Quick win certs after ccna?

I'm due to sit icnd2 at the end of this month and am looking for suggestions on a cert I can complete in around 2/3 months.

I'm asking now as I'll order the books in preparation.

I'm currently employees in helpdesk/support and am due to transition to the network team in mid February. I wanted to stay away from ccnp until I'm in my new role and start gaining experience working with network devices.

Any suggestions for quick win certs I can complete in between December and end of February?

Comments

  • koz24koz24 Member Posts: 766 ■■■■□□□□□□
    Ask the network team which certs among the NA's would be most beneficial to them. You can go many different routes--DC,Security,Collaboration,etc depending on the environment. You can bang out those NA's very quickly if you are dedicated.
  • NetworkNewbNetworkNewb Member Posts: 3,298 ■■■■■■■■■□
    Agree, depends what your network team uses. Maybe learning VMware is something that would be beneficial.
  • Welly_59Welly_59 Member Posts: 431
    Vmware is definitely something that interests me. Possible to do in 2-3 months though?
  • stryder144stryder144 Senior Member Member Posts: 1,684 ■■■■■■■■□□
    How about Wireshark Certified Network Analyst?
    The easiest thing to be in the world is you. The most difficult thing to be is what other people want you to be. Don't let them put you in that position. ~ Leo Buscaglia

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  • E Double UE Double U Member Posts: 2,088 ■■■■■■■■■■
    CCNA Security was very easy. I knocked it out in two months.
    Alphabet soup from (ISC)2, ISACA, GIAC, EC-Council, Microsoft, ITIL, Cisco, Scrum, CompTIA, etc.

    2022 goal(s): CRISC, maybe CGEIT or TOGAF

    "You tried your best and you failed miserably. The lesson is, never try." - Homer Simpson
  • Welly_59Welly_59 Member Posts: 431
    How many hours of study roughly?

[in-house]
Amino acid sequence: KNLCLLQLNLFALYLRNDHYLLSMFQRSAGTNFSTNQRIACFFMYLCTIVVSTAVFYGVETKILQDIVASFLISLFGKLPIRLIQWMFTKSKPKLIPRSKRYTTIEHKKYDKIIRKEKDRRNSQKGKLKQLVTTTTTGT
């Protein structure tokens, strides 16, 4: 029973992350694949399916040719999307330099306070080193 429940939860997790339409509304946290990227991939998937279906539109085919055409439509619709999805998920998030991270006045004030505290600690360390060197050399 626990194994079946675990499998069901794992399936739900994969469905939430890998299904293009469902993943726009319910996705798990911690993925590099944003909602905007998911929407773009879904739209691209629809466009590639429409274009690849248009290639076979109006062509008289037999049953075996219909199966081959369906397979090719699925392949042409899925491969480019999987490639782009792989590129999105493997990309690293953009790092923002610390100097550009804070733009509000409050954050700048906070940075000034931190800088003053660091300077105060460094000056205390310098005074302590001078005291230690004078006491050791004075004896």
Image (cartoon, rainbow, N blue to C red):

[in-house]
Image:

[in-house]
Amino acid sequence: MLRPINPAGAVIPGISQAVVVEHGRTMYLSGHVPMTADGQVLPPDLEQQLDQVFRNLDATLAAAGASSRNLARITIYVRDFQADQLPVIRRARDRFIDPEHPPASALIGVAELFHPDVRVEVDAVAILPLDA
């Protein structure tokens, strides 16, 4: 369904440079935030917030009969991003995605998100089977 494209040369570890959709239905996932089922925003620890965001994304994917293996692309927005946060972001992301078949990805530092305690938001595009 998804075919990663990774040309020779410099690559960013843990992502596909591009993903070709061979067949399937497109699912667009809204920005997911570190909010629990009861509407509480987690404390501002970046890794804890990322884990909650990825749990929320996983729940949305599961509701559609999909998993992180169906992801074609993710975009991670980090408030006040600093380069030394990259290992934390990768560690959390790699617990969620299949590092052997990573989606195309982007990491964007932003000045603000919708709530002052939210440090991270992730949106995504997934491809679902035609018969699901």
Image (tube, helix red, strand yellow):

• E Double UE Double U Member Posts: 2,088 ■■■■■■■■■■
    Every free minute I could spare. Some days I had more time than others.

    Honestly, I don't see why you want to postpone CCNP if you know you'll go for it in your new role which begins soon. Nothing wrong with some light reading before your new duties begin.
    Alphabet soup from (ISC)2, ISACA, GIAC, EC-Council, Microsoft, ITIL, Cisco, Scrum, CompTIA, etc.

    2022 goal(s): CRISC, maybe CGEIT or TOGAF

    "You tried your best and you failed miserably. The lesson is, never try." - Homer Simpson
  • thatguy67thatguy67 Member Posts: 344 ■■■■□□□□□□
    If it's just low hanging fruit you're looking for, have you considered the JNCIA-JunOS? Shouldn't comment too much but the overwhelming feedback I've heard is that it's an easy cert to get after CCNA. I would personally go after the Wireshark cert.
    2017 Goals: []PCNSE7 []CCNP:Security []CCNP:R&S []LCDE []WCNA
  • Welly_59Welly_59 Member Posts: 431
    the juniper cert is very interesting. I have looked at the wireshark certificate but $299 for the exam has put me off a bit tbh
  • OctalDumpOctalDump Member Posts: 1,722
    Juniper is a good option for overlap. There's also the Brocade certifications.

    CCNP SWITCH exam might be a good option, too.

    A few of the CCNA's are CCENT (which you have) plus one exam. Wireless, Security, Industrial and CCDA.

    VMware has the VCA level if the VCP looks too big. They have also a specific track for network virtualisation.
    2017 Goals - Something Cisco, Something Linux, Agile PM
  • mbarrettmbarrett Member Posts: 397 ■■■□□□□□□□
    stryder144 wrote: »
    How about Wireshark Certified Network Analyst?
    +1 for good in-depth understanding of troubleshooting
  • DatabaseHeadDatabaseHead Teradata Assc 16, Querying Microsoft SQL Server 2012/2014, CSM Member Posts: 2,724 ■■■■■■■■■■
    What market share does Juniper have for routing and switching?

    If I was to consider a product certification it would either have to tie directly to a position I wanted OR have massive market share.
  • OctalDumpOctalDump Member Posts: 1,722
    What market share does Juniper have for routing and switching?

    If I was to consider a product certification it would either have to tie directly to a position I wanted OR have massive market share.

    It depends on the market segment. But for carrier grade, service provider, I think that Juniper is about 15-20% vs Cisco at 35-40%. For regular l2/l3 switches it's more like 5% vs 60%. I think Cisco still has far superior ASICs that allow them to put much more through their L3 switches.

    I do see Juniper and HP come up in Networking roles, usually named by technology rather than certification. It also shows some breadth and flexibility, which can be useful. I think in smaller organisations there's more chance that they will have mixed technology (to save money), so being able to show that you aren't a "Cisco only tech" can be useful.

    But it's the same old thing: research the roles you are interested in to see what skills are in demand.
    2017 Goals - Something Cisco, Something Linux, Agile PM
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